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The AI ​​capsule system classifies the digits with the latest accuracy



There is strong evidence that humans rely on coordinate frames or reference lines and curves to determine the position of points in space. Unlike widespread computer vision algorithms, where objects are distinguished by numerical representations of their properties.

Researchers from Google, Alphabet's daughter DeepMind and Oxford University propose what they call a stacked capsule Autoencoder (SCAE): reasons for objects based on the geometric relationships between their parts. Since these relationships do not depend on the position from which the model views the objects, the model classifies objects with high accuracy, even if the viewing angle changes.

Capsule Systems

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7 Geoffrey Hinton – a leading theorist of AI and recipient of the Turing Prize – with students Sara Sabour and Nicholas Frosst proposed a machine learning architecture called CapsNet, a discriminated and multi-faceted approach, who achieved state-of-the-art image classification performance on a popular benchmark. Earlier this year, Hinton, Sabour and researchers from the Oxford Robotics Institute detailed the SCAE in a follow-up to their first work, significantly improving the original architecture.

The SCAE and other capsule systems make sense of objects by geometrically interpreting organized sets of their parts. Sets of mathematical functions (capsules) that are responsible for analyzing various object properties (such as position, size, and hue) are transferred to a type of AI model that is commonly used to analyze visual images, and several of the predictions of the capsules are reused to make presentations of parts. Because these representations are preserved throughout the SCAE analysis, capsule systems can use them to identify objects, even if the positions of parts are swapped or transformed.

Another unique feature of capsule systems? They drive with attention. As with all deep neural networks, the functions of the capsules are arranged in interconnected layers that transmit "signals" from the input data and slowly adjust the synaptic strength (weights) of each connection. (In this way, they extract features and learn to make predictions.) For capsules, however, the weights are calculated dynamically based on the ability of the previous layer's functions to predict the next-layer output.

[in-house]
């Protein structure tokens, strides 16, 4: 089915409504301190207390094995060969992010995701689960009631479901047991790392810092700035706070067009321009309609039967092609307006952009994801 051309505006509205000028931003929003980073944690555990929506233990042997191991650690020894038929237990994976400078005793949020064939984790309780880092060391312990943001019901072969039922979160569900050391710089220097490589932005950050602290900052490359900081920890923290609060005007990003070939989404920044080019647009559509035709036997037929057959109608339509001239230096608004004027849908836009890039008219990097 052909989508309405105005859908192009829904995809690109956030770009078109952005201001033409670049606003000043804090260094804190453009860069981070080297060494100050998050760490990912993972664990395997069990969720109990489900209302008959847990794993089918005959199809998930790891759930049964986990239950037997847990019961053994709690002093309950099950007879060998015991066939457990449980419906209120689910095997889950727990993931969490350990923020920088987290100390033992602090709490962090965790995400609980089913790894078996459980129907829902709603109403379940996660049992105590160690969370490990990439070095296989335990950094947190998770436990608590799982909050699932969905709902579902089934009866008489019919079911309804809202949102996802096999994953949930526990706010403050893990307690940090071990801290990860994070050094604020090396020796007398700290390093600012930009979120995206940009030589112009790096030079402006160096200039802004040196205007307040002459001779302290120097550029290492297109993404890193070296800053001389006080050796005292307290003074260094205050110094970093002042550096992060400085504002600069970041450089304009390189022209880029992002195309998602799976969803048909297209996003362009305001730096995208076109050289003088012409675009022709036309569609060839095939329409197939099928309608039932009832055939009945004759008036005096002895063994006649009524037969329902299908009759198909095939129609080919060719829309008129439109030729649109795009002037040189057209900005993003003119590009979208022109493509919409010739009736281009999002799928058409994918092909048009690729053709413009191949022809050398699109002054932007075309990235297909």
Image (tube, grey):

SCAE

The SCAE consists of several stages. In the first step, the pixels of the images to be analyzed are removed from the Constellation Capsule Auto-Encoder (CCAE). The second stage – the Part Capsule Autoencoder (PCAE) – segments an image into components and inserts their poses before the image is reconstructed. Finally, the Object Capsule Autoencoder (OCAE) attempts to organize discovered pieces and their poses into a smaller set of objects that they then attempt to reconstruct. It registers industry-leading unattended image classification results in two open-source datasets, the SVHN (the Images with small, cropped digits) and the MINST (handwritten digits). After assigning labels to the SCAE images of each individual image and the resulting clusters, it achieved an accuracy of 55% for SVHN and 98.7% for MNIST, which were further improved to 67% and 99%, respectively.


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